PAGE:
Very interesting look at the history of the English language through its syntax and usage. Renowned linguist McWhorter makes a case for Celtic influence on the development of English. I had to remember my grammar lessons from grade school (a long time ago!) to follow some of the book, but his explanations helped. This is a book that I could listen to a number of times.
McWhorter's narration is excellent and his pronunciation of other languages is first rate.
The story was good for people who enjoy the subtle details about English. Otherwise to a typical reader it was a bit nuanced and boring unless you truly have passion in the subject.
I quite appreciate audio books that are narrated by the author, and this one is no exception. In addition to getting the author's intonation as they wanted it, McWhorter also pronounces the German, Welsh, and other foreign words with ease, and much better than I ever could in my own head. Well worth the purchase.
I'll definitely be recommending this book to my friends. I don't usually write reviews, but this is one of the best books I've heard this year. I enjoy learning about alternative theories that challenge the established wisdom in a compelling way, and this book fits that bill perfectly. The only thing I didn't love about this book is that it was too short--I didn't want it to end!
The author is so passionate about his topic and seems to be having a blast, which makes for a great listen. He has a gift for explaining even pretty technical issues in his field in layman's terms, making them funny and memorable. It's like listening to your favorite uncle hold forth, if he just happens to be an eccentric linguistics professor with a great sense of humor who speaks multiple languages brilliantly.
For me one of the best parts of the book was the author's impressive facility at pronouncing phrases from a wide range of languages. I guess that shouldn't be surprising since he is a professional linguist. But this guy is pretty amazing. He not only does Old and Middle English, but ancient and modern versions of Celtic, Gaelic, German, French, Spanish, Russian, Italian, Hebrew, Afrikaans, Armenian, Akkadian, Yiddish, and many more. (Although I'm not a linguist, I've studied a handful of these languages, and all his accents sounded pitch-perfect to me.) There was only one point where I noticed that he used a "voice double" (I think for a Chinese phrase, if I recall correctly), and I really wondered why, lol, since up to that point he seemed to be able to do everything.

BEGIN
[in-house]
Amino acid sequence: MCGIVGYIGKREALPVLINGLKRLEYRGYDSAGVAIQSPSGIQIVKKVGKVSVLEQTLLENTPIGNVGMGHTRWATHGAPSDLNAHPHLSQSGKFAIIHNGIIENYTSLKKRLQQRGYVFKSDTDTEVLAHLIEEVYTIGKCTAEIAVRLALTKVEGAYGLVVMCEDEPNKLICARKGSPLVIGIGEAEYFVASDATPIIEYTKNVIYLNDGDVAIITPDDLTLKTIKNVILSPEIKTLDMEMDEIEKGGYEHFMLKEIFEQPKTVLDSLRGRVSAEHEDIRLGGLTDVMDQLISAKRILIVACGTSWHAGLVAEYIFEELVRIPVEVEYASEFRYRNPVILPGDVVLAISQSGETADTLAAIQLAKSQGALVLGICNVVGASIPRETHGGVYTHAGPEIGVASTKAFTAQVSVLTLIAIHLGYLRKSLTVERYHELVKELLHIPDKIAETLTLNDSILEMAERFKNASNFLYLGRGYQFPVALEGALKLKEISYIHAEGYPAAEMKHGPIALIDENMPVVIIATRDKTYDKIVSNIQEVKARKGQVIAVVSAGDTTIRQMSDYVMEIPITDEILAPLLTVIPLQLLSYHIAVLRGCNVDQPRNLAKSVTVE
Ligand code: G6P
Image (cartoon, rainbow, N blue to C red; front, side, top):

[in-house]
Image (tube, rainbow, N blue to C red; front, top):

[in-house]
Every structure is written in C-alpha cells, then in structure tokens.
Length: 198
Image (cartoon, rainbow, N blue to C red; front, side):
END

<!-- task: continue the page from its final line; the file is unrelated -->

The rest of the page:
I almost didn't buy this book because I saw a review that said the author spent too much time attacking the standard interpretation, and that it got to be too much in the last part of the book. I'm thinking that reviewer must not have listened through to the end, because the last topic he discusses is more speculative, and he isn't combative about it at all. (In fact, he's downright polite, lol.)
Also, although the author is certainly passionate about his subject, his arguments throughout are quite logical, based on historical evidence and common sense. I was always learning something new and never found his presentation to be grating or repetitive.
I do think he could have cut short his discussion of a side topic--whether language forms the way we think. Not because that discussion wasn't interesting (it was fascinating)--but because it is covered in another book he wrote, and now I feel like I've heard the highlights and it might not be worth buying that book. Also, I just wanted to hear more about the topic of THIS book.
But overall, I really enjoyed this book from start to finish and am going to go buy another one of this author's books now. :)
The author seems to connect well with a non specialist audience. Some of the examples are hard to follow in audio format. Nonetheless he clarifies and makes interesting an obscure subject.
McWhorter is engaging, entertaining and enlightening. I love listening to his theories about language and am in awe of his scholarship. He has twice shaken my unrecognized assumptions about English and language in general. One, that there are rules of grammar that are immutable, and, two, that our language shapes our thinking. Wrong on both counts.
I loved his rant about the Celtic influences on English.
Himself. Or maybe when he imitated an Englishwoman.
A lusty linguist slap down
This is a scholarly work that was beyond my level. But, thought provoking. I have a new appreciation for linguist. It is not light reading. Keep the bed side lamp on.
the once and future language of civilized planet Earth... no really, 20 words??? OK Then
For anyone with a slight linguistic bent (or even just someone irritated with the seeming nuance of grammar class), this book is a great read! McWhorter's narration adds extra depth with the occasional off text comment thrown in. Highly recommended!!!
Audible has helped me expand my appreciation for history, science and the arts. The Great Courses series are illuminating. More please!!
This is a wonderful tour thru the roots of our present day English language. At times a bit erudite for this science major but generally quite interesting and very well delivered. The fact that I am considering a second listen conveys my interest in this fascinating topic.